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  • TorontoJoe
    replied
    Vladimir - Here it is

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    This works for salumi curing or a basic root cellar but is a perfect solution for storing container fig trees.

    The two vents create a siphon effect that lets you regulate the flow of cold outside air into the insulated cellar room, allowing the temperature to remain near freezing through the winter months. As you custom-cut your wall studs to length, make them short enough to leave an eighth- to a quarter-inch gap between the top of the wall and the joists above when combined with the top and bottom plates. Basement floors are often damp, so use a barrier between the floor and the bottom wall plate.


    It’s a good idea to consider using rigid sheets of foam instead of traditional fibreglass batts. The most important is moisture resistance. Also working with fibreglass isn’t fun.

    Traditionally, this cold room was an underground space built under or near the home, insulated by the ground and vented so cold air could flow in and warm air out in the fall. Then when winter temperatures arrived, the vents were closed, and the cellar stayed cold but not freezing.

    Most modern basements are too warm for long-term winter storage, but you can create an indoor version of the cellars by walling off a basement corner and adding the vents, as shown in the drawing above. The two vents create a siphon effect that lets you regulate the flow of cold outside air into the insulated cellar room, allowing the temperature to remain near freezing through the winter months.

    You’ll need to watch the temperature to be sure you open or close the vents during major temperature shifts.

    Some things to consider...... The first is location. Because you’ll need access to the outdoors for fresh air, choose a cellar position that includes a window if possible. If not it’s possible to bore holes through a basement wall for the 3- or 4-inch vent pipes you’ll need to install, but it’s a whole lot easier to simply remove the glass from a window, replace it with plywood and then run your pipes through holes in the wood. In cold regions, you can create an insulated panel to replace window glass.

    Laminating a layer of half-inch-thick exterior-grade plywood on each side of a piece of thick extruded polystyrene foam is a terrific way to make an insulated panel for vent pipe access. Polyurethane construction adhesive is perfect for holding the foam-and-wood sandwich together.

    When it comes to any basement cellar, the exterior walls create ideal interior temperatures. This is what delivers the cooling action, and the more masonry surface you’ve got, the better. That’s why you’ll want to choose a corner location for your installation if you can. This offers maximum exposure to exterior walls while minimizing the need to build and insulate interior walls. And if you’ve got a choice, select a spot with the highest soil height outside. Does one of your possible options include northern exposure? Terrific! That’s great if you can get it.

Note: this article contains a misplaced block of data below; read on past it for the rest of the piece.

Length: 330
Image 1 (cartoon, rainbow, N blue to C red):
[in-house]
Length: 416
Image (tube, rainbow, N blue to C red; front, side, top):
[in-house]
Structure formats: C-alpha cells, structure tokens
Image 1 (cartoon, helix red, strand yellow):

After you’ve picked your cellar location and replaced the window glass with a solid panel that accommodates the vent pipes, turn your attention to the walls. Find yourself a helper, grab a sheet or two of plywood or wafer board, and get ready to use your imagination. It’s amazing how temporarily propping up sheet materials can help you imagine the floor plan of a new room, leading you to better finished results. How long should your cellar be? How wide? Is a 3-foot-wide door big enough? These kinds of questions are much easier to answer when you’ve got something to hold up, look at, move around and tweak.

    With the footprint and door location of your cellar finalized, mark the relevant outlines on the floor with a big felt-tipped marker. Although you’ll need to build some kind of wood frame for the wall and doorway, it needn’t be as beefy as a typical load-bearing wall for a house. You can extend stud spacing beyond 24 inches on centre if you need to economise, but regardless of the wall design, you’ll have to secure it at the top and bottom.

    Basement floors are often damp, so consider using barrier between the floor and bottom wall plate.

    Insulated doors can be expensive. You can substitute with a regular interior door to which you've glued a sheet of rigid insulation.

    Insulation is your next challenge, and good reasons exist to consider using rigid sheets of foam instead of traditional fibreglass batts. The most important is moisture resistance. Any basement is likely to get damp from time to time, and fibreglass has almost no ability to resist mold growth and deterioration when water is present. Foam, on the other hand, tolerates moisture much better. It’s also easier to use than fibreglass, and it’s non-irritating. Extruded polystyrene is especially good in this regard. It’s also a highly effective thermal insulator. Just be aware that some jurisdictions require foam to be covered with a fire-resistant sheet to meet code specifications. As you plan your insulation strategy, be sure to include the ceiling of your cellar. Warmth coming down from heated areas above could raise cellar temperatures too high for the food.